Many, including most Muslims, would argue that burqas are not religious symbols but products of culture. But that's not the main point. Nor do I make my stand on the undeniable fact that burqa-wearing is sexism in its purest and rankest form (has any burqa apologist actually spelt out the reasons why women not men are required to wear them?) Let people follow whatever religious or cultural practices they like and, in private life, be as sexist as they wish (always subject to the Harm Principle). But you can't have it both ways. Dress up like one of the wives of a10th-century Bedouin tribesman if you choose; but you can't also choose to attend an academic institution based on liberal principles. The costume is designed to be a rejection of such principles. It is worn by women who have renounced (or been compelled to renounce) public life.
And yet you can indeed have it both ways; the obvious proof of which is that there are women who do -- dress "like one of the wives of a 10th-century Bedouin tribesman," if one must put it like that, and attend liberal academic institutions. I had one or two in tutoring sessions while student teaching in Toronto; I knew fellow graduate students who wore it; and it can be done. And despite the fact that the burqa is often forced on women for all the sexist reasons to which Robshaw alludes, it is sheer and utter nonsense to say "It is worn by women who have renounced (or been compelled to remounce) public life." For if it were, Robshaw would not have had his problem with the burqa in public life; if it were, Robshaw and people like him would not be trying to chase women who wear it out of public life.
There are two issues with regard to this that are often conflated. The one issue is what should be done about the burqa in general and in the long run; the other is what should be done about it with regard to those women who, whatever reasons they may have, wear it now and don't wish to remove it, again, for whatever reasons they may have. Conflating the two does great damage because it leads people to use women's choice as an excuse for shutting down women's choices. I have mentioned before my experience with the fellow student who felt menaced in the elevator over the issue. These sorts of things are common, far too common. Robshaw doesn't tell us why the student in question dropped out; perhaps he doesn't know; perhaps it was for reasons having nothing to do with the course itself. Let us hope it was not because of a chill in the classroom.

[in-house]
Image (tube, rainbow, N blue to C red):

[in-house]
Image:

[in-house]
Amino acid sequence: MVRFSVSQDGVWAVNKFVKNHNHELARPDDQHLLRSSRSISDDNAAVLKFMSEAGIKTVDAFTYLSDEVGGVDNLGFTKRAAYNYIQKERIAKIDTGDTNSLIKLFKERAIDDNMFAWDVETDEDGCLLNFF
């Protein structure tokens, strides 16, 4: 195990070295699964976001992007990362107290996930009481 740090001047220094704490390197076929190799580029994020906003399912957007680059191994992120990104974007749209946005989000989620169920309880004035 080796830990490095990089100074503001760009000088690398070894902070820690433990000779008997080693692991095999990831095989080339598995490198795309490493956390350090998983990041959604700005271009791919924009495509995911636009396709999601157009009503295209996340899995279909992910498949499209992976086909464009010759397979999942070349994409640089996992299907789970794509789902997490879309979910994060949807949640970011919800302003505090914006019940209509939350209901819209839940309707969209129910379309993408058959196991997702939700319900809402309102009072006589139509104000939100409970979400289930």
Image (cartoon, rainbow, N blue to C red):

The proper response is exactly the opposite of Robshaw's. Are women put in the burqa to break down communication, interpose between the women and the world? Then who needs the gift of philosophy more than they? Behind that burqa is a human mind, very likely a quite intelligent one; it is a mind that, hampered though it may be in discussing, can certainly still discuss; and where there is discussion there is the potential for dialectic, for maieutic, for the pursuit of wisdom, for an education.
In the end all we have in Robshaw's op-ed is Robshaw, Robshaw, Robshaw: it's an article about how he had difficulty communicating with someone in a burqa, about how he was hampered by being unable to read her facial expressions, about how he was put out by her burqa, about how he lacks the ingenuity to restructure the assessment to compensate for the possibility of a classroom of burqas. But there was someone else who was also involved, someone whose point of view the article does not seriously consider at all. Indeed, there is no real recognition in the article that she had a point of view at all. What were her reasons? We don't know. What did she hope to get from a philosophy class? We don't know. She comes wearing a burqa, she vanishes wearing a burqa, and Robshaw sees not the woman but only the burqa. But it's the woman who should catch our attention.